Discussion in 'Photography & Video' started by Rojin, Sep 20, 2012.
Stunning work, love the colours.
Each time I go I am trying to practice on composition more than anything now. Trying to find a balance in the photos, ensure the foreground content is good etc.
May have killed my tripod though...
Anyone know how to remove sand from a tripod? asking for a friend....
Once they start looking like that, with very minor composition changes depending on your preference, I find on simple foreground like your last set it's the small details that make all the difference. For instance, on the second shot, you've got a cluster of 3 rocks in the sand but then a very awkward small 4th black one. It would look better shopped out to leave 3.
The last one isn't as good as the rock in the foreground is too large for the frame and the rocks behind lead the eye off the edge of the frame as opposed to the centre, off centre or one third in either way etc.
Thanks Drollic - indeed at this stage its it really is the tiniest details that make the biggest changes. Will bare your thoughts in mind and will try some shopping over the weekend.
Nice photos @xdcx
You'll need to give me some lessons sometime!
Is it just long exposure + filter to make water into mist ?
Yes, this one was a 20s exposure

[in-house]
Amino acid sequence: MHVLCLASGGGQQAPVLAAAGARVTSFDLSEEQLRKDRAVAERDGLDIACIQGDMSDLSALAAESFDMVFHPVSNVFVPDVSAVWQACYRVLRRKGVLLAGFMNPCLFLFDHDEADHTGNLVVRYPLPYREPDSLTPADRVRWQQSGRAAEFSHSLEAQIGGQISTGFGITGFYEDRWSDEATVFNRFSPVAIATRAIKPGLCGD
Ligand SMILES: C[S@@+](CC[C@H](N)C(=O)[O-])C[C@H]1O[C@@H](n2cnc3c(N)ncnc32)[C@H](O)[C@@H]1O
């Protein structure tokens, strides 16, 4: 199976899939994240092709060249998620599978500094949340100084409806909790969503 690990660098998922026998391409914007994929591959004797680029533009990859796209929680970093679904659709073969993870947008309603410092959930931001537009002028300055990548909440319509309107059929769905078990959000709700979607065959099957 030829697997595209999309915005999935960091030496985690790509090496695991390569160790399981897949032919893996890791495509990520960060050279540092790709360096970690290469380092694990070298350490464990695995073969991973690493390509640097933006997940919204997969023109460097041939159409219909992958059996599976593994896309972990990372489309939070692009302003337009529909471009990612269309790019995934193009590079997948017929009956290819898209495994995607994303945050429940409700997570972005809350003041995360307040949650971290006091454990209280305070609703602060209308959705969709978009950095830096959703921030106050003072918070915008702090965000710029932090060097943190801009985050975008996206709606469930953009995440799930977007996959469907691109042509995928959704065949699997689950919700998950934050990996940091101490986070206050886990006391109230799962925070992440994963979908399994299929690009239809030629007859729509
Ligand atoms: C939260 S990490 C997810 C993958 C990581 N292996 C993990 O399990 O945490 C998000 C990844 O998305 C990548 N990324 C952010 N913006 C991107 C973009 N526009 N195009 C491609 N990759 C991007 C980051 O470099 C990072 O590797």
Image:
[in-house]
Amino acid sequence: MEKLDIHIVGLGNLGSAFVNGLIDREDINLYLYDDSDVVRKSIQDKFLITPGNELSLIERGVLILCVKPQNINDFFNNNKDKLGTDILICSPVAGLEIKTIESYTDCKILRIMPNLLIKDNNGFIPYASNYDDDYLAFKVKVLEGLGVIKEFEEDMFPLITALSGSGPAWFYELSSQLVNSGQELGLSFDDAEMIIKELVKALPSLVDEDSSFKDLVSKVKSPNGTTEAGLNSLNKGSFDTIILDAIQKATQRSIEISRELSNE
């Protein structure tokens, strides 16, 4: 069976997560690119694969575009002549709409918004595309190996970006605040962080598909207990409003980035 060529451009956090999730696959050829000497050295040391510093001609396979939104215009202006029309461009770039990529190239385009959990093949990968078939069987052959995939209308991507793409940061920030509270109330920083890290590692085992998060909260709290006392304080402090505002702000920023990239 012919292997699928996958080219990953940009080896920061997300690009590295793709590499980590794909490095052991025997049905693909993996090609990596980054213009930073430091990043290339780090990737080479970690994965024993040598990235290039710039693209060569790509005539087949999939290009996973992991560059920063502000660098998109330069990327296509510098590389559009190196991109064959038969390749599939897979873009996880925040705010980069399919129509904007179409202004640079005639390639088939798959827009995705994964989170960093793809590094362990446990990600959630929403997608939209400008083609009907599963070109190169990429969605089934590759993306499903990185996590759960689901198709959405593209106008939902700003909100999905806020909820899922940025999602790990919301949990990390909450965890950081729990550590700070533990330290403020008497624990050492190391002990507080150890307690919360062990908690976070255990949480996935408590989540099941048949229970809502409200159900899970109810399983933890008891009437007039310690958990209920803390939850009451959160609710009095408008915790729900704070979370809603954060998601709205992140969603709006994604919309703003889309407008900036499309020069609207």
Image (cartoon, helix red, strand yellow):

Bleak-House by Steve Millward, on Flickr
Thanks, shorter time than I expected, now I just need to visit somewhere with nice water features to practice this
Noob question: took a few photos here and wasn't happy with most of them. They looked fine on the camera at the time but once I got them on the big screen at home I realised they were a bit crap. So how do you guys know if you've taken a good photo at the time? Just experience knowing what settings to use for a particular shot or can you see it on the camera screen when things are not right?
Histogram helps if your camera has one
Can you tell us specifically what you were not happy about specifically?
Under exposed? Over exposed? Composition?
Maybe post a few and tell us what you don't like and we can try to help?
Which camera btw?
You've exposed the sky correctly and not the foreground. The camera can't do both like your eyes can due to more limited dynamic range. You either need to take another photo like you have exposing the foreground and blend the two (tripod required) or you need to try and expose both and shoot in raw so you can lower the highlights and raise the shadows. Make sure your metering mode is taking into account the whole frame.
Contrast.. on Madeira again..
A few snaps from a recent holiday with the RX100mk3
Carvoeiro Beach by Jon Parry, on Flickr
Carvoeiro by Jon Parry, on Flickr
Sunrise by Jon Parry, on Flickr
Sunset by Jon Parry, on Flickr
Exploring the Carvoeiro caves by Jon Parry, on Flickr
Sunset by Jon Parry, on Flickr
Pretty shots, I do love the RX100! A beast of a point and shoot.
@touch I would be more than happy for a photography companion! I bet you know some cracking places off the beaten track for some super shots as well.
Are you dabbling a bit now with a camera? Give me a shout on whatsapp or FB or something
Thanks and, yes, it is !
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